The advice gap is your problem too

Simon Read

Simon Read

Do you earn too much? I saw a survey published online which suggested that independent advisers pocket an average £89,000 a year while appointed representatives get around £75,000.

If those figures are true, that raises lots of questions about the value of advisers. Are you really worth more than three times the average wage?

I’m certain smooth-talking advisers can easily justify their fees, but would you be able to convince a hard-up 50-year-old worried about their retirement income?

Let’s be honest, many advisers wouldn’t even bother with such a client. The small fee income generated is not going to be worth your while, is it.

But we’ve reached a financial advice gap crisis in this country. Almost everyone needs it, but few can afford it.

The regulators are well aware of the problem. A year ago the final report of the Financial Advice Market Review called for “intervention by regulators and Government [to] help the industry to develop new and more cost-effective ways of delivering advice and guidance to consumers”.

It mentioned a 2016 survey, from the Association of Professional Financial Advisers, which revealed that seven out of 10 advisers had turned away potential clients mainly because of affordability.

A year on and there’s been little progress. The advice gap may have even widened as advisers focus on clients that can afford high fees, judging by the pay survey.

Which begs the question, how accurate was the survey? I spoke to some advisers about pay rates and they scoffed at the results.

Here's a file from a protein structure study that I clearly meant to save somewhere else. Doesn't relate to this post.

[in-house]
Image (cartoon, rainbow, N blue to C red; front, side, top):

One suggested that the industry’s pay scale has polarized, with a few old-style advisers pocketing £200,000 or so, while the majority struggle by on around £30,000. If true, that’s a little shocking in itself.

But does it matter how much people are paid? Especially if their income is made by helping out a few folk with their finances?

I believe it does. If the majority of punters think that financial advisers are overpaid, that’s a problem. Especially as so many clearly can’t afford any sort of advice.

It will lead to fresh mistrust of advisers once again. And that’s no good for anyone.

The solution? Pro-bono work, or as I see it, loss-leading advice. No-one wants to work for free but if advisers could set more time aside to help those who can’t afford advice, there would be two main beneficiaries.

First, the financial advice industry would be seen to be trying to help everyone, not just the well-heeled elite. Second, if people become more financially informed, they should be able to make better money decisions.

That could help improve their financial state until, in due course, they become people who can afford to pay for advice.

In other words, investing in your future clients by offering some free advice could yield decent returns.